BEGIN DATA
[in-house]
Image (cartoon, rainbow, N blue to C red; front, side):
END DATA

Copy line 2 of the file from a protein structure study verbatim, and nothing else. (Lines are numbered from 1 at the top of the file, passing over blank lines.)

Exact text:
Image (cartoon, rainbow, N blue to C red; front, side):